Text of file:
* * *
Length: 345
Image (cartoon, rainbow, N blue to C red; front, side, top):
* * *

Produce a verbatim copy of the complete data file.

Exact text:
Length: 345
Image (cartoon, rainbow, N blue to C red; front, side, top):